20 June 2011 What rights do parents have to stop their ex's new partner taking part in raising their children

By Caroline Bass, Senior Associate

Joint parental responsibility

Without any court orders and usually with court orders (unless it is determined by the court that it is not in the best interests of the children), both parents have joint parental responsibility. This means that it is both parents’ responsibility, not that of a new partner of either one of them, to make decisions about the long-term issues that will affect the children.

Long-term decisions and day-to-day matters

Long term decisions involve such things as which schools the children will attend, what religion the children will be brought up in, any medical decisions, the living arrangements of the children and the names of the children. However, the day to day decisions about the children, such as their routines and who the children will see and spend time with, are usually determined by each parent at the time that the children are in their care. It is not necessary to discuss such day-to-day matters with the other parent.

Limits of your influence

Generally, you will not be able to decide whether the child will see or spend time with your former partner’s new partner unless there are safety concerns. Ultimately, it is the children that matter and if your former partner’s new partner is making an effort with them and being kind to them, that is the most important thing.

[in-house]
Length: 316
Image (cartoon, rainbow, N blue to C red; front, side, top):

It is recommended that you accept your former partner’s new partner and work through your emotions with close friends or a counsellor. If at all possible, try to reach an agreement with your former partner about what is reasonable and unreasonable.

Genuine safety concerns for your children

If you have genuine concerns about the safety of your children or the adverse impact of your former partner’s new partner on them, you should seek immediate legal advice. If you do have such concerns, it is possible to seek court orders restraining your partner from letting the children spend time with that person. A court will only grant such a restraint in circumstances where there are real concerns about the welfare of the children.  

For further information please contact:

Caroline Bass, Partner  |  Phone: +61 2 9233 5544  |  Email:

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This article is not legal advice and the views and comments are of a general nature only. This article is not to be relied upon in substitution for detailed legal advice.

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